**Introduction to Confident Intervals**

A distribution can provide us with generalized data about populations, but it doesn't tell us much about any of the individuals in the population. *Confidence intervals* give us a better clue as to what we can expect from individual elements taken at random from a population.

**The Scenario**

Suppose we live in a remote scientific research outpost where the electric generators only produce 90 volts. The reason for the low voltage is the fact that the generators are old, inefficient, and too small for the number of people assigned to the station. Funding has been slashed, so new generators can't be purchased. There are too many people and not enough energy. (Sound familiar?)

We find it necessary to keep the compound well-lit at night, regardless of whatever other sacrifices we have to make. So we need bright light bulbs. We have obtained data sheets for 550-watt sodium-vapor lamps designed for 120-volt circuits, and these sheets tell us how much current we can expect the lamps to draw at various voltages. Suppose we have obtained the graph in Fig. 5-8, so we have a good idea of how much current each bulb will draw from our generators that produce 90 volts. The estimate of the mean, μ*, is 3.600 amperes. There are some bulbs that draw a little more than 3.600 amperes, and there are some that draw a little less. A tiny proportion of the bulbs draw a lot more or less current than average.

If we pick a bulb at random, which is usually what happens when anybody buys a single item from a large inventory, how confident can we be that the current our lamp draws will be within a certain range either side of 3.600 amperes?

**68% Confidence Interval**

Imagine that our data sheets tell us the standard deviation of the distribution shown in Fig. 5-8 is 0.230 amperes. According to the empirical rule, which we learned about in Chapter 3, 68% of the elements in a sample have a parameter that falls within one standard deviation (± σ) of the mean μ for that parameter in a normal distribution. We don't know the actual standard deviation or the actual mean μ for the lamps in our situation, but we have estimates μ* and σ* that we can use to get a good approximation of a *confidence interval*.

In our situation, the parameter is the current drawn at 90 volts. Therefore, 68% of the bulbs can be expected to draw current that falls in a range equal to the estimate of the mean plus or minus one standard deviation (μ* ± σ*). In Fig. 5-8, this range is 3.370 amperes to 3.830 amperes. It is a 68% *confidence interval* because, if we select a single bulb, we can be 68% confident that it will draw current in the range between 3.370 and 3.830 amperes when we hook it up to our sputtering, antiquated 90-volt generator.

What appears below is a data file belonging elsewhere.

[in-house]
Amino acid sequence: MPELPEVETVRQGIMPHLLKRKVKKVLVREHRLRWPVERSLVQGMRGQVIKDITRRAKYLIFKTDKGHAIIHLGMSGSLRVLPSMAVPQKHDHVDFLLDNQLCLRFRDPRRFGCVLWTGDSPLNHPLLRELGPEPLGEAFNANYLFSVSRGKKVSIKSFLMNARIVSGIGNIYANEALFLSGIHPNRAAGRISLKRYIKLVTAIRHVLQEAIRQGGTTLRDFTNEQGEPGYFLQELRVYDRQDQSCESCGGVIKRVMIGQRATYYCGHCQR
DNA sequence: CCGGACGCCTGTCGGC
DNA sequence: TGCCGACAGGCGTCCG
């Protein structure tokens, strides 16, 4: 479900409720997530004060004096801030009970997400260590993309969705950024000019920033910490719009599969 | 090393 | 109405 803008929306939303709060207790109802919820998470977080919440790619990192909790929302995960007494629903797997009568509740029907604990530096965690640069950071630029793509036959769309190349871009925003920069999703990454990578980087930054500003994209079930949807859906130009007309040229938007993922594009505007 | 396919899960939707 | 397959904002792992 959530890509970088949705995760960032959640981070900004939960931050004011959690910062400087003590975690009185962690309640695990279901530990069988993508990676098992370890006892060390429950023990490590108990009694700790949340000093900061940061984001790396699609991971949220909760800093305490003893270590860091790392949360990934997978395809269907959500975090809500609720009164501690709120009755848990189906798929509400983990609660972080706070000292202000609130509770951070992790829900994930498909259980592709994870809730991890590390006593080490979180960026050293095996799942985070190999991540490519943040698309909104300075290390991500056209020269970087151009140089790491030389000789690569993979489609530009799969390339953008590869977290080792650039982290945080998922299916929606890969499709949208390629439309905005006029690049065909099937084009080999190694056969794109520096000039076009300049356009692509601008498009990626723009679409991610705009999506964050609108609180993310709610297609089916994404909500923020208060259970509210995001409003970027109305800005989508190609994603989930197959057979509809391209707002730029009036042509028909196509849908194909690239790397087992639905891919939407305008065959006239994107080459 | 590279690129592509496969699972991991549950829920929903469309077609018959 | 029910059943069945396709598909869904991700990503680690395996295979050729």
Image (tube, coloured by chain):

**95% Confidence Interval**

According to the empirical rule, 95% of the elements have a parameter that falls within two standard deviations of the mean for that parameter in a normal distribution. Again, we don't know the actual mean and standard deviation. We only have estimates of them, because the data is not based on tests of all the bulbs of this type that exist in the world. But we can use the estimates to get a good idea of the 95% *confidence interval*.

In our research-outpost scenario, 95% of the bulbs can be expected to draw current that falls in a range equal to the estimate of the mean plus or minus two standard deviations (μ* ± 2σ*). In Fig. 5-9, this range is 3.140 amperes to 4.060 amperes.

The 95% confidence interval is often quoted in real-world situations. You may hear that "there's a 95% chance that Ms. X will survive her case of cancer for more than one year," or that "there is a 95% probability that the eyewall of Hurricane Y will not strike Miami." If such confidence statements are based on historical data, we can regard them as reflections of truth. But the way we see them depends on where we are. If you have an inoperable malignant tumor, or if you live in Miami and are watching a hurricane prowling the Bahamas, you may take some issue with the use of the word 'confidence" when talking about your future. Statistical data can look a lot different to us when our own lives are on the line, as compared to the situation where we are in some laboratory measuring the currents drawn by light bulbs.

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